WATERLOO, Ind. (WFFT) — A local school district will receive some help this year when it comes to supplying personal protective equipment to students, teachers and staff as schools return to the classroom amid the coronavirus pandemic.
Blueflame Medical, a medical supply and healthcare logistics company, announced that it will adopt the DeKalb County Central United School District and donate surgical masks and its new Doc Hygiene hand sanitizer packets in support of the District’s re-opening plan.
The donation will be made to the DeKalb Central Foundation.
Blueflame Medical will provide the school district with enough masks and Doc Hygiene hand sanitizer packets to outfit the District’s students and staff so they can be well prepared for the opening of school in the era of COVID-19.
Masks will be provided to students and staff on a daily basis for those who need a mask.
Each classroom will also have individual packets of Doc Hygiene hand sanitizer.
“We are proud to be adopting the DeKalb County Central United School District,” said President of Blueflame Medical John Thomas. “Nothing is more important to us than ensuring children and the heroes who teach them are safe as they return to school.”
“DeKalb County Central United School District, along with school districts nationwide, have worked tirelessly to ensure a safe and healthy environment for the return of students into our buildings," said the District's CFO Steve Snider. Additional resources are necessary to comply with elevated health and safety requirements. Unfortunately, the added expenses come with only a small amount of additional state and federal revenue to support these necessary measures. That is why at this time, we are extremely grateful to be embarking on an exciting new partnership with Blueflame Medical."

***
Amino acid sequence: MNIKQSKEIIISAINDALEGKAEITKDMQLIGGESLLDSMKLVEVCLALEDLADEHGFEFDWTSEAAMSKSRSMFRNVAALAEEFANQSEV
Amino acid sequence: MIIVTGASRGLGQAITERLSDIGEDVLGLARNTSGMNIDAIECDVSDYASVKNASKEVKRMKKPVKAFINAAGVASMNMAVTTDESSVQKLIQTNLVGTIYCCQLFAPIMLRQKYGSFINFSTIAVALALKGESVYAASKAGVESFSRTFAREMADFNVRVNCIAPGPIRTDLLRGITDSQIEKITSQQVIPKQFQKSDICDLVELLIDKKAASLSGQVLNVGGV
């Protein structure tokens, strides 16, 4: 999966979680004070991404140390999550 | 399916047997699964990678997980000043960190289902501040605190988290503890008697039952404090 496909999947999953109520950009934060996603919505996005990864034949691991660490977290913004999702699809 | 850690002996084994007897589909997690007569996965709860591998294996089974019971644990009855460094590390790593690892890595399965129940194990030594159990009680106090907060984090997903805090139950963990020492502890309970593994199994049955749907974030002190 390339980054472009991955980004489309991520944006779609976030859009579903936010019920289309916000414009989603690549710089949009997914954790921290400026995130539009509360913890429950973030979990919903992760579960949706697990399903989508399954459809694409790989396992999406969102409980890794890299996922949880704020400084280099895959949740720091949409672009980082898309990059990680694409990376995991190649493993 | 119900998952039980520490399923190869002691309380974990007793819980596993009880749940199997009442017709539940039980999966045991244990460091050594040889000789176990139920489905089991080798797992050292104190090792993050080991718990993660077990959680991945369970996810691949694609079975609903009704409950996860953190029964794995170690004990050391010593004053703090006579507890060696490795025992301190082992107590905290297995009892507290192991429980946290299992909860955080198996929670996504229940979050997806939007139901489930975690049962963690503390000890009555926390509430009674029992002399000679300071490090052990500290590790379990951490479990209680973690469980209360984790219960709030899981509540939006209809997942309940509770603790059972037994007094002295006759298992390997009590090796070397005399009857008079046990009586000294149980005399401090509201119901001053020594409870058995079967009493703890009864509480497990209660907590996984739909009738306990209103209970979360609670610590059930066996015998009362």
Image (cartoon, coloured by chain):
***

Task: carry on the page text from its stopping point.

Snider said the new partnership will go a long way to help offset the costs of PPE the district would need to purchase in an already tight market.
Over the next few months, Thomas said Blueflame plans to work closely with DeKalb Central’s leaders and local health officials in the hopes of developing a set of best practices which the company hopes will be helpful to other school districts.
“Our hope is to create a public-private partnership that can be replicated in other school districts. In an era of chronically underfunded public schools, we hope to inspire other businesses to step up and help local school districts absorb the unexpected cost of providing PPE to students and staff,” said Thomas.
The group says DeKalb is the first school district they partnered with and will hope to expand after this year if all goes well.